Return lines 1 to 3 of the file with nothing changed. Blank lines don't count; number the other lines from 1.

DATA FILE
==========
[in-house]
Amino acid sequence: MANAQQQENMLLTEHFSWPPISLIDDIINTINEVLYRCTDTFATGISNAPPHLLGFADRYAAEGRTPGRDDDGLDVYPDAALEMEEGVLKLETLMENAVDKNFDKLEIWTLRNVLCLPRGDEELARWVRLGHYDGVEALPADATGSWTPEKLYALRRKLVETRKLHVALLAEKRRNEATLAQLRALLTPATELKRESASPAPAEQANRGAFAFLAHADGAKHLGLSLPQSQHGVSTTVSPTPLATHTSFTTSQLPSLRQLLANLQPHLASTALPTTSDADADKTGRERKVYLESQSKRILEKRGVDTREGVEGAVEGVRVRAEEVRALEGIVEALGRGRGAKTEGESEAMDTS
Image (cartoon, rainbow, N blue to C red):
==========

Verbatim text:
[in-house]
Amino acid sequence: MANAQQQENMLLTEHFSWPPISLIDDIINTINEVLYRCTDTFATGISNAPPHLLGFADRYAAEGRTPGRDDDGLDVYPDAALEMEEGVLKLETLMENAVDKNFDKLEIWTLRNVLCLPRGDEELARWVRLGHYDGVEALPADATGSWTPEKLYALRRKLVETRKLHVALLAEKRRNEATLAQLRALLTPATELKRESASPAPAEQANRGAFAFLAHADGAKHLGLSLPQSQHGVSTTVSPTPLATHTSFTTSQLPSLRQLLANLQPHLASTALPTTSDADADKTGRERKVYLESQSKRILEKRGVDTREGVEGAVEGVRVRAEEVRALEGIVEALGRGRGAKTEGESEAMDTS
Image (cartoon, rainbow, N blue to C red):